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Matthew: A New Translation with Introduction and Commentary (The Anchor Bible, Vol. 26) (1971)

by W. F. Albright, w.f. albright (Translator), C. S. Mann

Series: Anchor Bible (26)

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In this commentary we have endeavored to take the words of Matthew's gospel seriously and to see behind them a whole cultural, legal, and spiritual tradition growing around the belief that Israel was the chosen people of God and that the coming of the Messiah was the fulfillment of God's revelation of himself to men. This is the conviction with which the nascent Christian community met the world of its day, both Jewish and Greek, and there is no understanding of our NT sources unless the conviction that Jesus was the promised Messiah is treated seriously. We have, therefore, taken considerable pains to place the Jesus of the gospels firmly against his own background, making full use of all the evidence now available -- historical, archaeological, and linguistic. - Preface.… (more)
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Author nameRoleType of authorWork?Status
W. F. Albrightprimary authorall editionscalculated
albright, w.f.Translatormain authorall editionsconfirmed
Mann, C. S.main authorall editionsconfirmed

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PREFACE
At a time when the Anchor Bible was still supposed to consist of concise, one-volume paperbacks, the editors invited Professor W. D. Davies to prepare commentaries on Matthew and Mark.
I. THE GOSPEL AND THE CANONICAL "GOSPELS"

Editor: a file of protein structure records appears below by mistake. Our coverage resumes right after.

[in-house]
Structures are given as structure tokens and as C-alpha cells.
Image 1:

A
The four books in our New Testament which are called the "gospels" stand alone, in that there is no other material by which to judge them.
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1. THE GENEALOGY OF JESUS
(i 1-17)†
1 1 The list of the ancestry of Jesus-Messiah, son of David, son of Abraham.
(p. 1)
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In this commentary we have endeavored to take the words of Matthew's gospel seriously and to see behind them a whole cultural, legal, and spiritual tradition growing around the belief that Israel was the chosen people of God and that the coming of the Messiah was the fulfillment of God's revelation of himself to men. This is the conviction with which the nascent Christian community met the world of its day, both Jewish and Greek, and there is no understanding of our NT sources unless the conviction that Jesus was the promised Messiah is treated seriously. We have, therefore, taken considerable pains to place the Jesus of the gospels firmly against his own background, making full use of all the evidence now available -- historical, archaeological, and linguistic. - Preface.

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